Photo by Franco Monsalvo

Open-string licks, hand-wrenching bends, blazing double-stops, and much more.



Country, Scales, Technique, Hybrid Picking
  • Learn how to incorporate outside notes to a Mixolydian scale.
  • Understand how to phrase in both traditional and modern country settings.
  • Create a deeper vocabulary over dominant chords.
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How many times are you paralyzed by the sheer number of options you can play over a dominant chord? It’s probably one of the only chords where nearly anything works if you land correctly. One of the most common sounds to use is the Mixolydian scale, which is simply a major scale with a lowered 7. But let’s add on to this sound by expanding our musical Mixolydian palette with a few blue notes and some chromatic embellishments.

The first four examples will be played over a “train” beat. Think more old-school and traditional country. We will look at a few modern applications later on. In Ex. 1 we are thinking C Mixolydian (C–D–E–F–G–A–Bb) over a C major chord. It’s very common to treat major chords as dominants. Other than the hammer-on to the 3 on beat 3 the entire lick falls nicely within the scale.

Ex. 2 is a nice way to incorporate open-string ideas over a major I chord (in this case, C). The back half of the lick has a nice chromatic passing tone that leads nicely into the next chord (F). Make sure to let each note ring out as long as possible.

Connecting chord tones is a crucial element of country guitar. In Ex. 3 I start with a double-stop that directly outlines the essential notes of an F7 chord (Eb and A) before I slip into another double-strop phrase that hints around that same sound. In measure 2 I approach the chord tones of a G major triad (G–B–D) chromatically before winding things up with a trademark country bend.

Ex. 4 is an alternate way of approaching the same two chords (F and G). This would be more how a pedal-steel player might phrase the line. The string of sixths gives the pre-bends a connecting theme. Make sure to hold the last bend, hit the G on the 1st string twice, then release. This creates cool tension that resolves nicely back into the C chord.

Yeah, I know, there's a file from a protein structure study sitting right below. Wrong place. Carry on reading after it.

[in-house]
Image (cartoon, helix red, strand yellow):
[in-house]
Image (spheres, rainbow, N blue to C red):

You now have several ideas that work well over a 1–4–5 progression on a train beat that’s common to more traditional country. Let’s move to a different groove and vibe that might be considered more modern.

Ex. 5 is played over a E7 chord. This one gets to the heart of using chromatic connecting notes or passing tones. You can really hear the tension the extra possibilities add to this slippery lick.

This lick (Ex. 6) reminds me of how Larry Carlton might approach playing over a E7 chord. Once again, using notes not found in the Mixolydian scale offers a different texture to the musical line, especially the slides in the first measure and the chromatic approaches to the root and 3 in the second measure.

Same groove, different chords. In this case (Ex. 7), one measure of G and one of A. I approach the 3 of the G chord by a half-step right at the top and then repeat it an octave up in the next beat before immediate descending back down to the open 3rd string. The double-stops in the second measure offer a hint of tension before resolving on beat 3.

Ex. 8 is a “no frills” approach and sticks entirely within the A Mixolydian scale (A–B–C#–D–E–F#–G). The entire second measure reminds me of the main lick to Eagles’ “Life in the Fast Lane.”

So, there you have it. More note options will lead to more possibilities to choose from. Some examples just add one extra note, others much more than that. The most important thing is finding what works for you. Until next time!

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